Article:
Executives with high accounting competence are more likely than their less-competent counterparts to make accounting misstatements when financial incentives encourage them to misreport, new research suggests.
“…when both competence and financial incentives are present, this dark side of accounting competence emerges.”
When analyzing financial statements, auditors must be aware of a variety of risks associated with fraud or error. Managing these risks typically includes charging higher fees to certain companies or adjusting audit strategies. The new study, however, suggests auditors are overlooking a key risk factor.
“Competence, alone, is a great thing,” says Elaine Mauldin, a professor of accountancy at the University of Missouri. “Research has actually shown that, in general, it results in fewer misstatements. However, we found that when both competence and financial incentives are present, this dark side of accounting competence emerges.”
Mauldin and her colleagues, which included Nathan J. Newton, an assistant professor of accountancy, reviewed executives’ past managerial experience in accounting and auditing as an indicator of competence. Using financial statements from 2004-2013 from publicly traded firms, the researchers investigated the risk factors involved in significant misstatements that affected the reliability of financial reporting.
In particular, researchers focused on two main factors that, when combined with competence, influence the likelihood of misstatements. The first was compensation incentives, which reward executives financially for strong performance. The second was having an aggressive reporting attitude, which past discretionary reporting decisions that increased earnings indicated.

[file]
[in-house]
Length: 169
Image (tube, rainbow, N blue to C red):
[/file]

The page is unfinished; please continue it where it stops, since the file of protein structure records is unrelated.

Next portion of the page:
Together with competence, these factors form a fraud triangle in which each element of fraud—incentive, opportunity, and attitude—is present, with competence forming the “opportunity” side of the triangle. Researchers found executives were almost 30 percent more likely to make misstatements when they had both high accounting competence and compensation incentives. Without high competence, that number dropped to 4 percent.
Attitude also encouraged misstatements, but to a lesser degree. Paradoxically, audit firms charge lower fees to competent executives regardless of these other factors. According to Mauldin, this suggests competence reduces auditors’ responses to some risk factors.
“These executives have both the incentive and ability to change the books,” Mauldin says. “On the other hand, competence lulls auditors into a sense of security. Auditors need to be aware of the heightened risk these executives represent.”
The researchers report their findings in the Accounting Review. In addition to Mauldin and Newton, Anne Albrecht of Texas Christian University worked on the study.
Source: University of Missouri